Translation according to P. W. Joyce:
Boliska in Galway ; Buaile-uisce, booley of water—watery booley. For Uisce, see [reproduced below] vol. i. p. 446.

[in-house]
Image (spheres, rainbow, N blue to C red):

The common Irish word for water is uisce [iska]; it occurs in the Zeuss MSS., where it glosses aqua and it is cognate with Lat. Unda, and Gr. Hudor. It is pretty extensively used in local names, and it has some deirvatives, which give it a wider circulation. It occurs occasionally in the beginning of names, but generally in the end, and its usual forms are iska, isky, and isk. Whiskey is called in Irish uisce-beatha [iska-baha], or as it is often anglicised, usquebaugh, which has exactly the same meaning as the Latin aqua vitae, and the French eau-de-vie, water of life; and the first part of the compound, slightly altered, now passes current as an English word - whiskey.